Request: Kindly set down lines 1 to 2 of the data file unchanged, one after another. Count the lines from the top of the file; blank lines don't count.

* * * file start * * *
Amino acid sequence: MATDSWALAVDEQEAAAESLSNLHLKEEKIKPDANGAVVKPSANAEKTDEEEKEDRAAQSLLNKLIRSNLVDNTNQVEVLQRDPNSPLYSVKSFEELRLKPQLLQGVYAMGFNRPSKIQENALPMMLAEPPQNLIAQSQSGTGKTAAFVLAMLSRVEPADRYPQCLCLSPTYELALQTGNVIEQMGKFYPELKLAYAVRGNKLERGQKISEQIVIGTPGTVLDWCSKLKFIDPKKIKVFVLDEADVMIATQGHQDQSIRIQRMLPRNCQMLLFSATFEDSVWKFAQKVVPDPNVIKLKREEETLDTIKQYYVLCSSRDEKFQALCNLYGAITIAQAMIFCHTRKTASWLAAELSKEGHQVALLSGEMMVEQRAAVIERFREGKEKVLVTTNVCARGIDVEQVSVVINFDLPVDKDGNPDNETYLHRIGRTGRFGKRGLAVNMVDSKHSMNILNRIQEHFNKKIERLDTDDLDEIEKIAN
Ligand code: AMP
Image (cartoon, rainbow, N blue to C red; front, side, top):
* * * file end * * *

Amino acid sequence: MATDSWALAVDEQEAAAESLSNLHLKEEKIKPDANGAVVKPSANAEKTDEEEKEDRAAQSLLNKLIRSNLVDNTNQVEVLQRDPNSPLYSVKSFEELRLKPQLLQGVYAMGFNRPSKIQENALPMMLAEPPQNLIAQSQSGTGKTAAFVLAMLSRVEPADRYPQCLCLSPTYELALQTGNVIEQMGKFYPELKLAYAVRGNKLERGQKISEQIVIGTPGTVLDWCSKLKFIDPKKIKVFVLDEADVMIATQGHQDQSIRIQRMLPRNCQMLLFSATFEDSVWKFAQKVVPDPNVIKLKREEETLDTIKQYYVLCSSRDEKFQALCNLYGAITIAQAMIFCHTRKTASWLAAELSKEGHQVALLSGEMMVEQRAAVIERFREGKEKVLVTTNVCARGIDVEQVSVVINFDLPVDKDGNPDNETYLHRIGRTGRFGKRGLAVNMVDSKHSMNILNRIQEHFNKKIERLDTDDLDEIEKIAN
Ligand code: AMP